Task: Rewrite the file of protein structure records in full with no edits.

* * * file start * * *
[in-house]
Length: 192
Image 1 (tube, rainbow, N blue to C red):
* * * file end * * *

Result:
[in-house]
Length: 192
Image 1 (tube, rainbow, N blue to C red):